Read the pages in this section. Take a moment to read through the stated learning outcomes for this chapter of the text, which should be your goals as you read through the chapter. Attempt the "Try It" problems at the end of the section before checking your answers.
It may have been the remark by T. L. Chang, vice president of the Taiwan-based memory chip manufacturer Mosel-Vitelic that sparked the investigation by the U.S. Department of Justice Antitrust Division. Mr. Chang was quoted in Taiwan’s Commercial Times in May 2002 as admitting to price-fixing meetings held in Asia among the major producers of DRAM, or dynamic random access memory. DRAM is the most common semiconductor main memory format for storage and retrieval of information that is used in personal computers, mobile phones, digital cameras, MP3 music players, and other electronics products. At those meetings, as well as through emails and telephone conferences, the main manufacturers of DRAM not only decided what prices to charge and how much to make available but also exchanged information on DRAM sales for the purpose of monitoring and enforcing adherence to the agreed prices. The collusion lasted for three years - from 1999 to 2002. In December 2001, DRAM prices were less than $1. By May of 2002, price had risen to the $4 to $5 range.
The companies that were directly injured by the higher chip prices included Dell, Compaq, Hewlett-Packard, Apple, IBM, and Gateway. In the end, though, the purchasers of their products paid in the form of higher prices or less memory.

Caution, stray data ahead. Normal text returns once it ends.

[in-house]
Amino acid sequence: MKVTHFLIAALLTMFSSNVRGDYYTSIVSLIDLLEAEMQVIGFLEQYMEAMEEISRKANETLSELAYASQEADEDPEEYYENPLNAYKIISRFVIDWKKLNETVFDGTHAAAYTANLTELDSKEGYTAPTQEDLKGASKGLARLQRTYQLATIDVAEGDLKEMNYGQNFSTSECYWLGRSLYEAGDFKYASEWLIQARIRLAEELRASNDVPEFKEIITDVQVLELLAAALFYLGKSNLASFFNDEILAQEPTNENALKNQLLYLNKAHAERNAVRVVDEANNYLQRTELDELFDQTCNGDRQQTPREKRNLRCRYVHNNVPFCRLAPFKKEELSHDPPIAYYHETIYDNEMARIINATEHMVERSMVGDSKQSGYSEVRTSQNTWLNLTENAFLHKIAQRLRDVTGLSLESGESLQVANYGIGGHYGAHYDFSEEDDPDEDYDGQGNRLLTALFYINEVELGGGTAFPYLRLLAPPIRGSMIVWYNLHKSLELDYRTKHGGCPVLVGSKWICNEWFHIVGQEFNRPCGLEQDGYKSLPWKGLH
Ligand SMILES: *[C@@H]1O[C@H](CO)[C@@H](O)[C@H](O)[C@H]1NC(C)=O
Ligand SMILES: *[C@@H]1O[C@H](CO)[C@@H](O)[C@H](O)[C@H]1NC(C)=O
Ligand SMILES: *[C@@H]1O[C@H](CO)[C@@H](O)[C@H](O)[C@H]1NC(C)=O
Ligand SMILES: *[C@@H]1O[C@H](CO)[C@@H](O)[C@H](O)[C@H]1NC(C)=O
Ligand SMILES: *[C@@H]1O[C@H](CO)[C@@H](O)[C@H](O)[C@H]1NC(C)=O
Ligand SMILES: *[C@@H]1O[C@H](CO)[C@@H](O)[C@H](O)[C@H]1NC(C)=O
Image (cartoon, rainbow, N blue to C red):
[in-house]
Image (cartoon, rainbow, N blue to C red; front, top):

In December 2003, a Micron Technology sales manager pled guilty to obstruction of justice and served six months of home detention. The first chipmaker to plead guilty a year later was Germany-based Infineon Technologies, which was fined $160 million. In the end, four companies, Samsung being the largest, had been charged fines of more than $700 million, and a total of 3,185 days of jail time had been meted out to 16 corporate executives.
The European Union also prosecuted the DRAM price-fixing case, which ended with the imposition of over $400 million in fines and with Samsung paying almost half the total. The fines were somewhat lower than in the United States because in 2008 the European Union instituted new procedures that allow companies that settle to pay lower penalties. The EU hopes that the new procedures will shorten the length of cases and reduce the number of appeals. The EU initiated the DRAM price-fixing case in 2002 and finally settled it in 2010 using the new procedures.
The sharp reduction in the number of DRAM makers in the late 1990s undoubtedly made it easier to collude. The industry is still quite concentrated with Samsung holding about 40% of the market. The price, however, has fallen quite sharply in recent years.